In late August 2016, a group of seven geologists from universities across the UK, Italy and Australia travelled high into the mountains of Italy’s Southern Alps in search of evidence of ancient earthquakes.The field trip was led by Professor Giulio Di Toro of the University of Manchester, under his European Research Council Grant looking at the physics of earthquakes. RSES researcher Professor Stephen Cox and PhD student Kathryn Hayward are working in collaboration with these scientists to look at how the early stages of an earthquake rupture influences the size and magnitude of the subsequent event.
Of interest to the group was the Gole Larghe Fault zone; a fault with more than 1km of slip that cuts a tertiary granitic batholith exposed along the Periadriatic fault system. Thanks to global warming and the retreat of the glaciers this field area now provides some of the best preserved fault-related outcrops in the world, including a special kind of rock that forms only during earthquakes. These rocks, called pseudotachylytes, form when the rock on either side of the fault melts under the extreme pressures and temperatures associated with seismic slip.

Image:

These rocks are significant because they represent the only unequivocal evidence of ancient seismicity preserved within the rock record. Studying pseudotachylytes provides insights into the physical and chemical processes occurring during an earthquake and by combining these field observations with laboratory experiments scientists are beginning to understand the mechanisms that allow seismic events to develop. Excitingly this research has led to the discovery that these processes begin over distances of tens to hundreds of microns and within the first millisecond of slip.